Cooperative effects of fatty acids and n-butanol on lipid membrane phase behavior

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Biodiesel-derived crude glycerol can be fermented to produce n-butanol, which is a platform chemical for biorefining and a biofuel. One limitation to crude glycerol fermentation is the presence of long-chain fatty acids (FAs) that can partition into cellular membranes, leading to membrane fluidization and interdigitation, which can inhibit cellular function. In this work, we have examined the phase behavior of dipalmitoylphosphatidylcholine (DPPC, C16:0) membranes and the membrane partitioning of n-butanol as a function of FA degree of unsaturation (steric, oleic, and linoleic acids) using differential scanning calorimetry (DSC) and monolayer surface pressure studies. All three FAs at 15. mol% (85. mol% DPPC) prevented interdigitation by n-butanol based on the DSC results. n-Butanol partitioning and membrane expansion was greatest for DPPC/oleic acid membranes, where monounsaturated oleic acid (OA, C18:1) was miscible in gel and fluid phase DPPC. Saturated steric acid (SA, C18:0), which ordered the membranes and yielded a SA-rich phase during melting, led to a modest increase in n-butanol partitioning compared to DPPC alone. Di-unsaturated linoleic acid (LA, C18:2), which disordered the membranes and phase separated, had little affect on n-butanol partitioning into the DPPC-rich phases. The effects of OA and LA are attributed to the additional interfacial area provided by these FAs due to acyl tail 'kinks' at the carbon double bonds. These results show that exogenous FAs can partition into membranes, impacting n-butanol partitioning and acting cooperatively with n-butanol to alter membrane structure.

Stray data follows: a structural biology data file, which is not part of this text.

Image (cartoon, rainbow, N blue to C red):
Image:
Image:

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Colloids and Surfaces B: Biointerfaces